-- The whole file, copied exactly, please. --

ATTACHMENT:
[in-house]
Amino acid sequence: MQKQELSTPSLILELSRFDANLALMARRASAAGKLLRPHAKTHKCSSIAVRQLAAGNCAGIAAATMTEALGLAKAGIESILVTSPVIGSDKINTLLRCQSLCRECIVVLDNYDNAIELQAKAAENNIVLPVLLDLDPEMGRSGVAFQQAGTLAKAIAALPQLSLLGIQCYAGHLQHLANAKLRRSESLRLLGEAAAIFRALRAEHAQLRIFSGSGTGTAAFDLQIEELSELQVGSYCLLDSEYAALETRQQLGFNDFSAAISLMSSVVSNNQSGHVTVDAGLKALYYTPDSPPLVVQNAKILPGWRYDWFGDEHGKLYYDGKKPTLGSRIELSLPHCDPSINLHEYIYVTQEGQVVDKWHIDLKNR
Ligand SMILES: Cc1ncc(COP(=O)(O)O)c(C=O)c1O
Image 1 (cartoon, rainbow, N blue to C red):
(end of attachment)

[in-house]
Amino acid sequence: MQKQELSTPSLILELSRFDANLALMARRASAAGKLLRPHAKTHKCSSIAVRQLAAGNCAGIAAATMTEALGLAKAGIESILVTSPVIGSDKINTLLRCQSLCRECIVVLDNYDNAIELQAKAAENNIVLPVLLDLDPEMGRSGVAFQQAGTLAKAIAALPQLSLLGIQCYAGHLQHLANAKLRRSESLRLLGEAAAIFRALRAEHAQLRIFSGSGTGTAAFDLQIEELSELQVGSYCLLDSEYAALETRQQLGFNDFSAAISLMSSVVSNNQSGHVTVDAGLKALYYTPDSPPLVVQNAKILPGWRYDWFGDEHGKLYYDGKKPTLGSRIELSLPHCDPSINLHEYIYVTQEGQVVDKWHIDLKNR
Ligand SMILES: Cc1ncc(COP(=O)(O)O)c(C=O)c1O
Image 1 (cartoon, rainbow, N blue to C red):